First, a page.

Workers’ Compensation For Herniated Discs
Various types of work tasks can result in motions or body movements that cause herniated discs. According to the American Association of Neurological Surgeons (AANS), a herniated disc can result from either a “single excessive strain or injury,” or from “disc material degeneration” that occurs over time as a result of aging and certain movements. When a person is experiencing disc material degeneration, the AANS emphasizes that “a relatively minor strain or twisting movement can cause a disc to rupture.” If you have been diagnosed with a herniated disc following a workplace accident or as a result of repetitive workplace tasks, it is important to seek more information from a workers’ compensation lawyer in Pompano Beach about seeking wage replacement benefits and medical coverage.
What Are Herniated Discs?
What is a herniated disc? As the Mayo Clinic explains, a herniated disc is a particular category of injury that “refers to a problem with one of the rubbery cushions (disks) that sit between the bones (vertebrae) that stack to make your spine.” Herniated discs can happen in any part of a person’s spine, but they are more common in a person’s lower back, which is also known as the lumbar spine. Beyond the lower back, herniated discs tend to occur most frequently in a person’s neck, which is also known as the cervical spine.
The AANS clarifies that the term “herniated disc” might also be referred to as a bulged disc, slipped disc, or ruptured disc. Generally speaking, it is “a fragment of the disc nucleus that is pushed out of the annulus, into the spinal canal through a tear or rupture in the annulus.”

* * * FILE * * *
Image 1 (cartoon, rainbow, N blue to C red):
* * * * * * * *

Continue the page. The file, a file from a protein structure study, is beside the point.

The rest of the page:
Common Symptoms of a Herniated Disc
The symptoms of a herniated disc will depend on where, specifically, the herniated disc has occurred. For example, a herniated disc in the lumbar spine may produce slightly different symptoms than a herniated in the neck. Generally speaking, however, the Mayo Clinic explains that a herniated disc will usually result in one or more of the following on just one side of the body:
- Arm pain or leg pain, depending upon the location of the herniated disc;
- Numbness or tingling; and/or
- Weakness in the muscles, which can affect a person’s ability to lift items with their affected arm or difficulty walking or stumbling with the affected leg.
How to Seek Workers’ Compensation Benefits for a Herniated Disc
Like any other workplace injury, you will need to report the herniated disc to your employer within 30 days from the date of the traumatic incident that resulted in the herniated disc, or within 30 days of receiving your diagnosis if the herniated disc was caused by exertion over an extended period of time.
Contact Our Pompano Beach Workers’ Compensation Lawyers
If you sustained a herniated disc in an accident at work or were diagnosed with a work-related herniated disc, you could be eligible to obtain workers’ compensation benefits in Florida. You should get in touch with an experienced Pompano beach workers’ compensation attorney at the Law Offices of David M. Benenfeld, P.A. to learn more about the claims process and to find out how our firm can assist you.